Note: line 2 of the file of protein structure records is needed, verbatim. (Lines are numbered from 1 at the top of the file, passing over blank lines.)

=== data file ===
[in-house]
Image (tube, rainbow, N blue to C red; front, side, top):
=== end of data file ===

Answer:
Image (tube, rainbow, N blue to C red; front, side, top):